The Mandala Offering

First Verse

This ground, anointed with perfume, flowers strewn,
Mount Meru, four lands, sun and moon,
Imagined as a Buddha land and offered to you.
May all beings enjoy this pure land.

In the mandala offering, we’re imagining the universe and everything beautiful in it and offering it to the Buddha.

  • This is very different from how we live our lives, because usually, when there’s something beautiful, we offer it to ourselves.
  • So we’re offering to the Buddha all the things that we’re attached to, all the things that we’re craving and wanting, and we take joy in offering them to the Buddha.
  • We’re offering everything around us, thinking of it as a pure land, making it more beautiful than it is, then offering it to the Buddha and hoping that all sentient beings can enjoy it.

Second Verse

The objects of attachment, aversion, and ignorance – friends, enemies and strangers, my body, wealth and enjoyments – I offer these without any sense of loss. Please accept them with pleasure, and inspire me and others to be free from the three poisonous attitudes.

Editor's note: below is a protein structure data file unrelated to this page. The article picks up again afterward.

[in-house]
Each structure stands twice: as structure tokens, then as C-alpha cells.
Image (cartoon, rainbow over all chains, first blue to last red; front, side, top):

Here in the second verse, instead of clinging on to things that are the objects of our negative emotions (such as ignorance, anger, and attachment), we are offering those things.

  • We are freeing ourselves from the "sticky mind" that is involved with them.
  • We’re asking the Buddha to accept them and, as a result, may I and everybody else be free of the three poisonous attitudes.
  • If you’re very attached to a person, it’s very helpful to offer that person to the Buddha. In this way, you mentally give up your attachment.
  • When you offer somebody you love to the Buddha, actually they’re in much better hands than if you cling onto them, being possessive.

Third Verse

Idam guru ratna mandala kam nirya tayami.

I offer to my teacher (the Buddha) this beautiful, precious universe.

The Diagram

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